If you're looking for specific feedback on your work, I recommend asking direct questions. If there's anything you want your manager to take a look at within your work, point it out to them and ask if they have any feedback. It also is helpful to ask other professionals on the team. If you can set up a 1:1 with them to go over any advice or feedback with them, I'm sure they'd be happy to help out.
1. If you’re having trouble getting a lot of helpful feedback from your manager, peer feedback is really valuable too. You can try asking some of your other team members or your project stakeholders for their feedback and see if they have anything to add.
2. Ask for constructive feedback – I’ve found that if you specifically tell someone that you’re looking for ways to improve, they’re more likely to give ideas. It helps if you share your own feedback of yourself too. For example, if you broadly ask, “how am I doing?” someone is likely to just say “great!” But, if you say “I think this project is going well, but I think I spoke too fast in our last presentation so I might’ve confused some people. What did you think? I’d love to hear your input so I can improve next time”
3. Ask for feedback on specific areas. Taking the example above, you can tell your manager that one of your goals is to get better at presentations. Then after your next presentation, you can ask how it went.
I hope this helps! Good luck!
My job is to develop newly hired employees and insure that they know about our company, our products, and services. I help them develop their professional skills and learn the best ways to communicate with customers. Currently I am leading a team of interns through a 12 week internship. So I can really relate with where you are at right now.
My team of 11 are pretty great. And it is difficult to give them constructive critiques on their performance. Like your manager, I too end up saying "You are doing great." a lot. While that is the honest truth, I understand that they want to grow their skills and need some help identifying areas to work on. For some of them, I really cannot point out anything they are not doing well. For others, they already know and are focused on the areas they need to improve. When it comes to the projects for the internship, I would agree with your managers hands off approach. For those of us that lead internships, we want to see the innovative ways you solve problems. If we give too much feedback early on, it could stifle that.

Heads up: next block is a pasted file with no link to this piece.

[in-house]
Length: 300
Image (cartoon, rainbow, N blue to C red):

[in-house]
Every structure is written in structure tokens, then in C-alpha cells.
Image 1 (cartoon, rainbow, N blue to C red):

Now, with all of that said, there are a few ways you can get the feedback you are seeking. You definitely need to set up a 1x1 meeting with your manager. I would recommend preparing for that with a few questions. Some questions you might ask are:
"Where would you rank me against other interns, both current and in past groups."
"How does my project compare to previous projects?"
"What do I need to change to be the best intern you have ever worked with?"
"What does my project need to be the best you have ever seen?"
"If my internship ended today, would you offer me a job right now?"
And follow those up with "Why is that?" The "Why?" questions will help you dig a little deeper and get more of the feedback you are looking for. For managers that are overly cautious about being too critical, this will give them a way to provide direct feedback to you without being critical. You may have to reassure them that you want, and can handle, negative feedback. Even if they feel it may be "nitpicky".
I hope that helps. Good luck with your internship!
James recommends the following next steps:
Reframing the questions would be a great way to get more substantive feedback... things like:
- what can I do more of to <insert objective here>?
- how are you measuring success of this project?
- I've learned <insert topic/insight> while working on the project. What are your thoughts?
Consider ways to ask for feedback that can't be answered with a simple, one word answer :-)